Whole river ecology: spatial scale and heterogeneity in the ecology of running waters
Hildrew, A. G.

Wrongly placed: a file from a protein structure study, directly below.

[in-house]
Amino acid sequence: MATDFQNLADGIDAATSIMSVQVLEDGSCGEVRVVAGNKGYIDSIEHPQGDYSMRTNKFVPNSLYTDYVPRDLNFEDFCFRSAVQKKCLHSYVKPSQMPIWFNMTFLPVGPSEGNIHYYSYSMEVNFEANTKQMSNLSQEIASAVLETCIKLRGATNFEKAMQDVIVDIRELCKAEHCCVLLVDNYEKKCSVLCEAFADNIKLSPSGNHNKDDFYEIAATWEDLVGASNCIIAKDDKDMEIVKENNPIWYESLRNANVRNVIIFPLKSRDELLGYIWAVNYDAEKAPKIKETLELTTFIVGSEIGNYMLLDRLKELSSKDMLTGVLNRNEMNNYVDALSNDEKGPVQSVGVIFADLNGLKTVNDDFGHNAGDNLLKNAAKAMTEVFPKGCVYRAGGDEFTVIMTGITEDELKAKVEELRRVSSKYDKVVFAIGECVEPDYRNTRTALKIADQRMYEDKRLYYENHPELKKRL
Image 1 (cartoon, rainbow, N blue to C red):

There are two separable ways to study the ecology of large rivers. First, one can adopt the approach of stream ecologists, who have often stressed small-scale patchiness in both the biota and the physicochemical environment. The technology needed for big rivers is different but the ideas are the same. Second, one can address population and community ecology at the truly larger scale of the whole river in which the full physical hierarchy of large fluvial systems, including headwaters and the floodplain, comes into play. They are complex habitats, but I try to match the spatial and temporal scales of environmental variation with the life histories, mobility and interactions of the inhabitants. The possible importance to river ecology of new theoretical developments on the role of spatial heterogeneity is addressed and the importance of physical refugia from disturbance is stressed. I argue that a multi-scale approach to "whole river ecology" is needed for both scientific and practical (management) purposes.